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Overview: Reconstruction in a Post-Conflict Situation

In 2008 I was asked by the World Bank to visit Liberia, which at that time was still recovering from over 20 years of civil war and civil unrest, to provide technical assistance to the Division of Educational Facilities of the Ministry of Education in their school construction programme.  I later worked on a small health project and then, even later, a major project to construct a new hospital, a project that is still ongoing.

In 1980 there was a military coup that overthrew the then government.  This was followed by five years of military rule and another five years of authoritarian civilian government.  This period of relative stability was followed by two very bitter civil wars during which time around 250,000 people died, the rule of law broke down completely and the economy shrank by 90%; the situation only being resolved in 2003 when a peace agreement was reached between the warring parties.  Elections followed in 2005 when Ellen Sirleaf Johnson was elected President.  The country was just starting to recover from the previous twenty years or so of civil unrest when its political stability and economic recovery was threatened by the outbreak of Ebola in early 2014 which ended in May 2015.  It is estimated that 85% of the population are still living below the international poverty line.

During the extended period of civil war and unrest, the education system was severely affected; many schools being destroyed and/or closed especially up-country and in 2010 the literacy rate was still only around 61%.  Governance was also affected and in 2010, corruption was still considered to be endemic at every level of government.  When President Sirleaf took office in 2006, she announced that corruption was "the major public enemy" and in 2014, the US ambassador to Liberia stated that corruption there was harming people through "unnecessary costs to products and services that are already difficult for many Liberians to afford".

The effect of the long period of civil war and unrest on the construction industry was that there had been few, if any major construction projects in the country for an extended period (the last major school building project for instance had taken place in the early 1980s) with the result that there had been a loss of capacity and skills in the local construction industry.  There was a scarcity of construction companies able to take on large projects and even the smaller local contractors were badly affected by this lack of capacity and by being unable to obtain credit from banks and materials suppliers.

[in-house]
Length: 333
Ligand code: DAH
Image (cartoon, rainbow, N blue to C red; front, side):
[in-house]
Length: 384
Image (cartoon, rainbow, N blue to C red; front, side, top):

There was also a significant scarcity of trained and experienced architectural and engineering skills available for the design and supervision of any large-scale construction projects.  While the University of Liberia had a department of engineering, the opportunities for the structural and civil engineers that the department produced to obtain experience in the design and supervision of construction projects were severely limited.  There was not (and there still is not) a school of architecture in the country, only a few architectural technician courses and the only qualified architects had been trained overseas mainly in the USA and their education had probably not been very relevant to practice in a tropical country such as Liberia.

The geography and climate of the country also contributed to the constraints on construction.  The country lies between latitudes 4°and 9° north of the equator meaning that it is in the hot and humid tropics.  It has an extended rainy season lasting from May to October (and with climate change this period seems to get longer every year) with large amounts of rainfall during this period.  The coastal region for instance receives around 3 metres of rain during the rainy season (and the capital Monrovia can receive as much as 5 metres of rain) and even inland the rainfall is around 2 metres a year.  This extended rainy season and the large amounts of rainfall severely limit the amount of construction that can be achieved in a year.

Any large countrywide construction programme would also be constrained by the geography of the country.  While the majority of the country consists of rolling countryside, a lot of it still covered by tropical rainforest and rubber plantations, there are numerous rivers flowing down to the sea, bisecting the country and making communications, especially by road, very difficult particularly during the rainy season.  The south-eastern part of the country was and probably still is, impossible to reach by road for at least three months during the rainy season.

Another problem that had to be faced was the fact that virtually all building materials (apart from aggregate) had and still have to be imported.  There is a cement factory but the raw materials for this are imported.  Galvanised steel roof sheets are rolled locally but the flat sheets are imported (and only 28 gauge and 32 gauge sheets are produced).  All other building materials are imported and most of these are of poor quality although expensive.

All of these factors have an impact on the design and implementation of any construction programme and produce what must be one of the most difficult environments in which to undertake large-scale construction projects.

For details of the school construction projects that I worked on and the problems that I faced, see the ‘Education Projects’ section below.

Projects in Liberia

Projects in Liberia
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